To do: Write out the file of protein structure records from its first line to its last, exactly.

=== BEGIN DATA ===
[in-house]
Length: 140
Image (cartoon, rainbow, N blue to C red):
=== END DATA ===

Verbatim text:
[in-house]
Length: 140
Image (cartoon, rainbow, N blue to C red):